We do this all the time about the disciplines that are lacking in our lives.  We know the steps we need to take to exercise, govern our diets, turn off gadgets to read or converse, to lessen the level of activity to focus on the important things.  We know the good we ought to do but we choose to not do it.  It is not that we "can't" do it.  We choose not to, and the results are natural.

   So what is revealed?  At best, we are deceiving ourselves.  But in regards to all the good we know to do and aren't, I would suggest it reflects a rebellious spirit in us that refuses to give up something to submit to the good things God has for us.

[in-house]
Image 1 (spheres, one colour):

So what is your mouth revealing lately??  I'm listening more to mine.  Hope I like what I hear.

Tuesday, January 3, 2012

Importance of Testimony

Most of you know I love history.  In a conversation I had on Sunday, I was not only reminded that those who forget their history are bound to repeat it.  But that the lesson of history is that we forget our history!!
But it is vital we look back and understand the importance God places on history and the retelling of it accurately.  I got off on a wondrous rabbit trail while studying this morning.  I went back through the genealogies of Genesis 5.  If you crunch the numbers, you find some fascinating truths that point to what I am talking about.